OpenAI convincingly faked a sex harassment claim against a law professor

21st April 2023

Published in a Washington Post article, Professor of law, Johnathan Turley, received a ‘stomach-knotting’ email stating that he had appeared on a list of law professors that were accused of committing sexual offences.

A lawyer, assisting with a research project at the University of California, asked OpenAI to produce this list which featured Professor Turley’s name.

This led to the discovery of a Washington Post article detailing Professor Turley’s sexual misconduct against a student during a trip to Alaska in 2018.

The mind-blowing thing is: no such article exists because OpenAI created it.

In an interview with the real Washington Post, Professor Turley confirmed that he never took a class on a trip to Alaska nor had a student accuse him of sexual harassment.

Evidently, generative AI is capable of creation and can develop fake – albeit convincing – sources to corroborate its claim. What are the implications of this?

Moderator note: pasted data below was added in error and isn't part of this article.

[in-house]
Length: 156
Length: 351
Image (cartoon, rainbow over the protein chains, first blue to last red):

What would have happened if Professor Turley had been summarily dismissed because of this? In the UK it would potentially expose his employer to an unfair dismissal claim.

From an employment law perspective it may have a considerable impact on the employee’s livelihoods and reputations. Bear in mind, generative AI is unregulated. Its data scrapes across a myriad of sources and capable of creating googolplexes of content.

This should really reinforce the message to employers and HR staff that, in this day and age, not everything is as it seems, and thorough disciplinary investigations must take place before determining the fate of an employee.

However, the significance of this goes beyond employment law. It touches and concerns media law. What recourse would Professor Turley have had in defamation? How would this impact on the journalists that were claimed to have authored it? How would the media outlets be affected?

Please do look at my colleague, Emma Linch’s, article: Frankenstein’s Monster: ChatGPT ‘libels’ on what recourse Claimants in defamation proceedings may have considering that  OpenAI, ChatGPT, and other AI language modules which are not natural people against whom defamation can be brought.

As always, if you need help navigating these unchartered territories, SMB are happy to help. Please contact to discuss further.